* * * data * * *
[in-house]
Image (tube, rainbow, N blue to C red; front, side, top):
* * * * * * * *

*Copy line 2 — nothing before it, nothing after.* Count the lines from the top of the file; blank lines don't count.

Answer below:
Image (tube, rainbow, N blue to C red; front, side, top):